The 4 Fundamentals of a REAL Writing Business

Dec 12, 2023

One of the ironies of becoming more skilled in a certain area is that you must constantly revisit the fundamentals. This is true in any career, industry, or area of specialty.

A baseball player must know how to throw a ball and swing a bat effectively. A runner needs to have proper shoes and know how to warm up so they don’t hurt themselves. A guitar player needs to understand scales and chord progressions.

Likewise, a professional writer must have a firm grasp of the fundamentals to run a successful business. But it’s not enough to understand the fundamentals. You have to practice them.

There are lots of “fundamentals” we could list when building a writing business. But I’ve boiled them down to four key critical ingredients for success. They are also where writers frequently get tripped up.

If you get these fundamentals right, you will be well on your way to building a strong business. But without these four elements as the foundation of your business, you will struggle before you reach your potential. 

I’ve framed these fundamentals with the acronym R-E-A-L.

1. Relationships with people. 

Every business exists to serve people. Without people, you wouldn’t have a business. That probably sounds obvious, but you’d be surprised how often business owners forget that the entire reason for their business’s existence is to serve others.

Business is built on relationships. If you don’t focus on giving, serving, and investing in your relationships, you will quickly burn bridges, and no one will trust you. 

Everything we do as writers is for others (insofar as the writing is connected to your business). We write, publish, and create in service of others and add value to them.

Many writers, especially introverted ones, don’t focus on developing great relationships with people. It’s easy to see others as an interruption or inconvenience. They mistakenly think that writing is all about the craft.

You can be the most talented writer in the world, but you won't go far if you can’t get along with people.

2. Excellence in your craft. 

Let me balance out the last point. It’s important to have great relationships, but at the end of the day, you must deliver.

To build a successful business, you have to be very good at what you do. You must have the skills and understanding to produce high-quality products and services for your fans, readers, customers, and clients. 

In the writing world, this involves elements such as grammar, storytelling, voice, persuasion, structure, and more.

But craft is not just about writing well. It’s also about other important elements of a business, such as showing up to meetings on time, paying your invoices, and otherwise presenting yourself as a real professional.

3. Attitude toward money and business. 

One of the most common themes I hear from writers is that they don’t enjoy the “business” side of writing. They would rather focus on the craft than worry about marketing, money, budgets, sales, etc.

This is common with creative types, who would rather spend their energy making things than thinking about business, which they perceive as boring and uncreative.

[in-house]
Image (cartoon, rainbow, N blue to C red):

Nothing could be further than the truth. If you can learn to embrace the business side , you can have a blast!

For many years, I assumed I wasn’t good at business. I felt intimidated by the idea of being self-employed or having to secure my own clients. But once I started to see business as a game, it became much more fun!

I encourage you to embrace your role as a business owner and continually work on your money mindset. This involves charging what you’re worth, developing an abundance rather than a poverty mindset, and getting comfortable with people at a higher level than you.

We all have lots of growing to do! Don’t limit your potential for success by having a negative attitude toward business and money.

4. Leadership in your business and industry.

Creating a business, as well as publishing books or any content, is an act of leadership. Are you comfortable embracing the role of a leader and influencer? 

As much as we resist the term “influencer,” the fact remains that you are indeed influencing others. Why else do we write? We write to influence and persuade others.

Leadership involves being courageous, taking a risk, and making decisions. Remember that the word author is the root of authority. As an author, you stand before others and proclaim yourself as an authority on your topic.

Many writers resist this role of leadership. Remember that people are looking for a guide, coach, and mentor. A big part of leadership is finding ways to teach and pass on what you have learned.

Earl Nightingale hit it on the nose with the title of his audio program, “Lead the Field.” I want you to do the same. My dream for you is to become a confident, influential leader as a writer and business owner!

These four points act like a compass to help you stay the course and build your business the right way. If you commit to living them out during each phase of your writing journey, you will build your business on a solid foundation.